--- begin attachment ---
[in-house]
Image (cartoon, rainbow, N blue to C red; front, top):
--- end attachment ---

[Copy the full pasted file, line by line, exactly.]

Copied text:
[in-house]
Image (cartoon, rainbow, N blue to C red; front, top):